With an elegant coastline and snow-capped mountain ranges, tourism represents a potential industry that can serve as the backbone of the Georgian economy. Importantly, the financial sector depicts an economy on a decline, with the number of banks decreasing from 294 in 1998 to 33 by the turn of the century.

Georgia was a British colony founded in 1732 by James Oglethorpe, a former British soldier. He was entrusted along with 20 other colonists by the then British king, King Georgia II, to colonize the land stretching from Altamaha to the Savannah region.

This colony was resourceful to the Britons who envisaged it as fertile land for growing mulberry trees vital in supporting the existence of silkworms important for their silk industry back home. Moreover, this colony was vital for protecting the region from the Spanish and French invasion. Of note, this colony served to host British settlers who had massive debts dubbed the ‘worthy poor’ to use the land to redeem themselves.

Georgia is currently affected by the slow pace at which its economy is growing post-2008. The Georgian economy is responding to an aftermath of the Georgian-Russian War. The initially celebrated economy of President Saakashvili’s government has been recording negligible growth post-Georgian-Russian War (see figure below). Apart from this war, the Georgian economy has been affected by other issues which have also had considerable effects on its democratic process.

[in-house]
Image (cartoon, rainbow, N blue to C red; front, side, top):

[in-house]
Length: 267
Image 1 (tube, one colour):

Real growth rates - annual percentage change

Initially, the Saakashvili administration embraced deregulation with the aim of boosting the economy of Georgia. With this, the government envisioned an economy that would grow akin to that of Switzerland graced with Singaporean elements. As a consequence, the state recorded high World Bank scores with regards to enhancing a business-oriented climate.

However, this was overshadowed by low indices in the government’s competence in other areas such as “property rights, judicial independence, and protection of minority shareholders’ interests” (Acemoglu and Robinson 2008:12). Against this backdrop, the Georgian economy is unlikely to record significant growth. Factors e.g., corruption at the top level and economic gap have only functioned to complicate the whole situation.

Like it has been stated initially, Georgia is bordered by four nations. Of the four nations, Georgia has strained its relations with Russia. Their hostility stretches way back in 1921 and stems from espionage accusations. Also, with its location between Russia and Turkey, Georgia acts as a buffer zone, preventing the two states from engaging in war. Georgia hosts embassies of its other neighbors portraying a peaceful relation with its neighbors.

References

Acemoglu, D. and Robinson J. 2008. The Role of Institutions in Growth and Development. Commission on Growth and Development Working Paper 10: 1-3.

Herzig, E. 1999. The New Caucasus. London: The Royal Institute of International Affairs.

Suny, R. 1994. The Making of the Georgian Nation. London: Indiana University Press.